If you have the two switches stacked, you make one 8 port etherchannel in the switchstack, and one 8 port team on the server. The server will think its connected to one switch, not two.

    You cannot do one team to two switches if they're not stacked (or vPC, or VSS). If the two switches are separate you can make a 4 port channel between each NIC and switch and use them as L2 Active/Passive.

    If you make a separate 4p team between each NIC and switch and the switches are gateways you'll need to set two gateways and hope that your OS supports that in a nice way.
  • EildorEildor Member Posts: 444
    srg wrote: »
    If you have the two switches stacked, you make one 8 port etherchannel in the switchstack, and one 8 port team on the server. The server will think its connected to one switch, not two.

    You cannot do one team to two switches if they're not stacked (or vPC, or VSS). If the two switches are separate you can make a 4 port channel between each NIC and switch and use them as L2 Active/Passive.

    You might be able to route directly between the server and switch with a separate IP per team on the server and run it active/active but its really a hack.

    Can you tell me why this is technically not possible though; do you know? I just want to understand why I can't load balance between two EtherChannels connected to two different switches. I'm sure there is some reasonable technical explanation, but I just can't think of it.

    Thank you for your help.
  • srgsrg Member Posts: 140
    Eildor wrote: »
    Can you tell me why this is technically not possible though; do you know? I just want to understand why I can't load balance between two EtherChannels connected to two different switches. I'm sure there is some reasonable technical explanation, but I just can't think of it.

    Thank you for your help.

    You can, but not on L2. Your MAC can't show up on ports in two different switches for example. Two routed/L3 links are no problem.
  • networker050184networker050184 Mod Posts: 11,962 Mod
    The issue is the way MACs and IPs are bound and transmitted. So when you have a server with the IP address 10.0.0.1 and MAC address aaaa.aaaa.aaaa.aaaa the mac will be forwaded out a single interface on the switch. So what happens when that destination MAC starts being seen out of two destination in the network? Nothing good that's for sure. Forwarding tables contantly changing and traffic not getting to where it's supposed to. There are technologies that can make this function like pointed our with the Cisco Nexus.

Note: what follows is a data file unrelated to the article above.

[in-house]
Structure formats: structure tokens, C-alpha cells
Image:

An expert is a man who has made all the mistakes which can be made.
  • EildorEildor Member Posts: 444
    The issue is the way MACs and IPs are bound and transmitted. So when you have a server with the IP address 10.0.0.1 and MAC address aaaa.aaaa.aaaa.aaaa the mac will be forwaded out a single interface on the switch. So what happens when that destination MAC starts being seen out of two destination in the network? Nothing good that's for sure. Forwarding tables contantly changing and traffic not getting to where it's supposed to. There are technologies that can make this function like pointed our with the Cisco Nexus.

    The access layer in this design is routed. I'm sorry, I should have mentioned that in the very first post. The ports connecting to servers are of course layer 2 ports, but the ports connecting to other switches (to distribution layer switches) are layer 3. There are no layer 2 connections between the two access layer switches. That makes it ok, right?
  • srgsrg Member Posts: 140
    Eildor wrote: »
    The access layer in this design is routed. I'm sorry, I should have mentioned that in the very first post. The ports connecting to servers are of course layer 2 ports, but the ports connecting to other switches (to distribution layer switches) are layer 3. There are no layer 2 connections between the two access layer switches. That makes it ok, right?
    Ok well that might work, but the server will have 2 IP adresses from different subnets and two separate gateways. So depending on the OS you might or might not get a good load balancing going.
  • networker050184networker050184 Mod Posts: 11,962 Mod
    Agreed with srg again, the OS might not want play nice with what you are wanting to set up. Would probably have to get some systems guys with more knowledge on the specific OS you want. Regardless I think it's an unnecessary setup and I've never seen it in the real world. What would be the benefit of this setup? What are you trying to accomplish? I know this is for a school project, but unnecessary complexity is never a good thing.
    An expert is a man who has made all the mistakes which can be made.
  • pertpert Member Posts: 250
    Eildor wrote: »
    Can you tell me why this is technically not possible though; do you know? I just want to understand why I can't load balance between two EtherChannels connected to two different switches. I'm sure there is some reasonable technical explanation, but I just can't think of it.

    Thank you for your help.

    I'm not an expert on all things theory but here's my explanation.